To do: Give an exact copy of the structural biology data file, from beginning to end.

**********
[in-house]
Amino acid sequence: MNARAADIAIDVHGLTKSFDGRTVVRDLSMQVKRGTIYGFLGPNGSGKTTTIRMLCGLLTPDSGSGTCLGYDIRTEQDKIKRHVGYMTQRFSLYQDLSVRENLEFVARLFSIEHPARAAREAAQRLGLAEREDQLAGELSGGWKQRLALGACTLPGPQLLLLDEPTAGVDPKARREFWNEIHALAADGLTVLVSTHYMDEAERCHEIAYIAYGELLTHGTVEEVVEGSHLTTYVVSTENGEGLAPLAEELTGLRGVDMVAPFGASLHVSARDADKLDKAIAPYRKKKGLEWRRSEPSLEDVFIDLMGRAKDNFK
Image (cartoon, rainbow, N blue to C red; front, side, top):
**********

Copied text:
[in-house]
Amino acid sequence: MNARAADIAIDVHGLTKSFDGRTVVRDLSMQVKRGTIYGFLGPNGSGKTTTIRMLCGLLTPDSGSGTCLGYDIRTEQDKIKRHVGYMTQRFSLYQDLSVRENLEFVARLFSIEHPARAAREAAQRLGLAEREDQLAGELSGGWKQRLALGACTLPGPQLLLLDEPTAGVDPKARREFWNEIHALAADGLTVLVSTHYMDEAERCHEIAYIAYGELLTHGTVEEVVEGSHLTTYVVSTENGEGLAPLAEELTGLRGVDMVAPFGASLHVSARDADKLDKAIAPYRKKKGLEWRRSEPSLEDVFIDLMGRAKDNFK
Image (cartoon, rainbow, N blue to C red; front, side, top):